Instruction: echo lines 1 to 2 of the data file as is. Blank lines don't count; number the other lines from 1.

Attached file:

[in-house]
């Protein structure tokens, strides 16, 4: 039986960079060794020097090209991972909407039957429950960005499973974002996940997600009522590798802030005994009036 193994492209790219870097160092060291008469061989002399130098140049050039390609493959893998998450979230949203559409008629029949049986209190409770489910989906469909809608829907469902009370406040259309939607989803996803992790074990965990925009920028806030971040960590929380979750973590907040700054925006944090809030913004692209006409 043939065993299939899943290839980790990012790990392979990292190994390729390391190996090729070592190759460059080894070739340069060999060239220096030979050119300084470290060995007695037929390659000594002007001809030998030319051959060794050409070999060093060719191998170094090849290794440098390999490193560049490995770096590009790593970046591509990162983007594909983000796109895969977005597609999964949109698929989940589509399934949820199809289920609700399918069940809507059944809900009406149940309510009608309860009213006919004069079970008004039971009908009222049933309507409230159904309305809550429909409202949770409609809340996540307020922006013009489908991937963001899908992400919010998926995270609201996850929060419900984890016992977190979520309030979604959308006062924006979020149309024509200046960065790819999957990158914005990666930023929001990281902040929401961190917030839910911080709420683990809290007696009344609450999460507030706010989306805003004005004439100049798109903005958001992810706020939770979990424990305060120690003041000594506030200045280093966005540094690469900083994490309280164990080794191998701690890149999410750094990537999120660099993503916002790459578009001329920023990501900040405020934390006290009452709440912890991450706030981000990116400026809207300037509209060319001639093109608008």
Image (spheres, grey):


[in-house]
């Protein structure tokens, strides 16, 4: 039986960079060794020097090209991972909407039957429950960005499973974002996940997600009522590798802030005994009036 193994492209790219870097160092060291008469061989002399130098140049050039390609493959893998998450979230949203559409008629029949049986209190409770489910989906469909809608829907469902009370406040259309939607989803996803992790074990965990925009920028806030971040960590929380979750973590907040700054925006944090809030913004692209006409 043939065993299939899943290839980790990012790990392979990292190994390729390391190996090729070592190759460059080894070739340069060999060239220096030979050119300084470290060995007695037929390659000594002007001809030998030319051959060794050409070999060093060719191998170094090849290794440098390999490193560049490995770096590009790593970046591509990162983007594909983000796109895969977005597609999964949109698929989940589509399934949820199809289920609700399918069940809507059944809900009406149940309510009608309860009213006919004069079970008004039971009908009222049933309507409230159904309305809550429909409202949770409609809340996540307020922006013009489908991937963001899908992400919010998926995270609201996850929060419900984890016992977190979520309030979604959308006062924006979020149309024509200046960065790819999957990158914005990666930023929001990281902040929401961190917030839910911080709420683990809290007696009344609450999460507030706010989306805003004005004439100049798109903005958001992810706020939770979990424990305060120690003041000594506030200045280093966005540094690469900083994490309280164990080794191998701690890149999410750094990537999120660099993503916002790459578009001329920023990501900040405020934390006290009452709440912890991450706030981000990116400026809207300037509209060319001639093109608008």